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Olin Hall, Department of Chemistry and Biochemistry

Graduate Career Services

Master's Student Spotlight - Michele Houtchens

Name: Michele Houtchens
Undergraduate Degree -  
Graduate Degree #1 - Master's Public Policy, University of Denver
Graduate Degree #2 - Master's Educational Administration, Sam Houston State University 

Michele Houtchens



Describe your internship position and your specific role.

I participated in a Graduate School Fellowship with Education Pioneers.  The mission of Education Pioneers is to make education the best led sector in the United States.  Education Pioneers celebrated its 10th year in 2014. My twelve colleagues and I comprised the inaugural cohort in Denver.  We were selected from 4,500 candidates from across the country.  In the twenty cities in which EP has a presence, they partner with education organizations ranging from State Departments of Education to charter organizations to traditional districts.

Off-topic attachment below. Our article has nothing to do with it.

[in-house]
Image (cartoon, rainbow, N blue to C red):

For my Graduate School Fellowship, I was partnered with KIPP Colorado.  I worked closely with the Chief Academic Officer to design teacher evaluation policies that adhered to SB 191, the Colorado Great Leaders and Teachers Act.  After researching the statute and best practices in teacher evaluation, I generated an outline for the teacher evaluation handbook including forms for use by evaluators.  I’m proud that the work I did will contribute to the success of underserved students.